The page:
Inspect your old propane tank for damage. Look for any rust, dents or other signs of wear on the body. Inspect at the valve for gaps, dents or other signs that it may be damaged. If your propane tank appears to be seriously damaged, recycle it instead of reusing it. A damaged propane tank may leak, exposing you to fumes and creating a risk of fire or explosion.
Ask the employee at your local propane supplier to install an overflow prevention device, or OPD, if your tank was manufactured in 1998 or earlier. The OPD is a safety valve installed on propane tanks manufactured on Sept. 30, 1998, or later. Older propane tanks should be retro-fitted with one to to comply with safety regulations. If you aren't sure exactly when your tank was manufactured, ask the retailer to inspect the valve. If your tank has some minor damage, request that he inspect it and test for leaks, as well.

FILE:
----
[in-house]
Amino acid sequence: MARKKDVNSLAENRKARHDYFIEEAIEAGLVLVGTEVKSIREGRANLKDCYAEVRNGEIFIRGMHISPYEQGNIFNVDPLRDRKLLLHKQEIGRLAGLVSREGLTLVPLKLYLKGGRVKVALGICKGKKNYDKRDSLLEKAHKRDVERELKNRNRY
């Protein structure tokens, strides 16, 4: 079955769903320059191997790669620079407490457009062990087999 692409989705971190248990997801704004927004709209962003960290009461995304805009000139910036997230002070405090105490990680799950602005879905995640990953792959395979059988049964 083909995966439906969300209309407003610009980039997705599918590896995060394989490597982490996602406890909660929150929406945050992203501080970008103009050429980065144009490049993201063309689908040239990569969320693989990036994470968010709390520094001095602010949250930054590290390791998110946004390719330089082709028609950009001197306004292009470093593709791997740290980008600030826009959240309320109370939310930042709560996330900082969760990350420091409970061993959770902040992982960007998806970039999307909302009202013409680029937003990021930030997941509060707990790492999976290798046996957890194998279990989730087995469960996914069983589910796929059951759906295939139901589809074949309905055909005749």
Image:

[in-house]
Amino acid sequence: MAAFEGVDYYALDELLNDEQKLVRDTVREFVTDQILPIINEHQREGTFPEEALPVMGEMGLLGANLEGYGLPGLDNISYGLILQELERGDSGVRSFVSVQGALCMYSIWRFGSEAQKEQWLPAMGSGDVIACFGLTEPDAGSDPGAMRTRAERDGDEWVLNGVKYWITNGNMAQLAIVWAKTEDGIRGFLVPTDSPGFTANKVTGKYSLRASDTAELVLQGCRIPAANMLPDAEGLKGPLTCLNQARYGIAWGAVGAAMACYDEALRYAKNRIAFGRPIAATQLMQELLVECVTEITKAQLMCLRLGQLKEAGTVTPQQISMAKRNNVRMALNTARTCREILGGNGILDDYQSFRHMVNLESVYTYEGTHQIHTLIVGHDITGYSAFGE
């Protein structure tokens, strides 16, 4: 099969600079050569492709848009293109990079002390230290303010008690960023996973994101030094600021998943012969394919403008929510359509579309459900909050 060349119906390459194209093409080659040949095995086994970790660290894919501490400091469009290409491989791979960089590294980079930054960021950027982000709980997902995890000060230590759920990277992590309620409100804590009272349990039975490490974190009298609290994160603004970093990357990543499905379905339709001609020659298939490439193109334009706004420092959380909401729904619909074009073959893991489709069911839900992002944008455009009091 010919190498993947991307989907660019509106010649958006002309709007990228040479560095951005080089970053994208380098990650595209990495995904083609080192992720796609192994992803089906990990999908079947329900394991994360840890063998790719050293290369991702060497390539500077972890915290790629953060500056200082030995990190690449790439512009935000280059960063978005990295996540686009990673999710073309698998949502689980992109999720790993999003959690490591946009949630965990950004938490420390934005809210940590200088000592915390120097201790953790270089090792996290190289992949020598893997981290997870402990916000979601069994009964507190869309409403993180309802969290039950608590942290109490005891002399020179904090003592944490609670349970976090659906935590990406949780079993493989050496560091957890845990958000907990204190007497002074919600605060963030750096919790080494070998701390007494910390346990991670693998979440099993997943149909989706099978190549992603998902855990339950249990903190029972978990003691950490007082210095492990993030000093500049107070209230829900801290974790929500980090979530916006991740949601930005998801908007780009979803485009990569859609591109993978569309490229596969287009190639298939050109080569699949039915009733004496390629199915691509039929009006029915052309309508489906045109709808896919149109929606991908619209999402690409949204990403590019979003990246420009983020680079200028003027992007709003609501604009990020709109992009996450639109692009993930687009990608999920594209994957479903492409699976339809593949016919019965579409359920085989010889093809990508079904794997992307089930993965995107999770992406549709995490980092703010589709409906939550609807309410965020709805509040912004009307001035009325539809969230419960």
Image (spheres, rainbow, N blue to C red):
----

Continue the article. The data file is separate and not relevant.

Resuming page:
Have the attendant refill the tank. Secure it in your car in a position where it won't roll around and where nothing will disturb or jostle the nozzle. Open the windows of your car for ventilation, drive home immediately and unload the propane tank.